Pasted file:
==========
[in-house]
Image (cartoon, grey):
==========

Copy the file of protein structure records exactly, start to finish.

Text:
[in-house]
Image (cartoon, grey):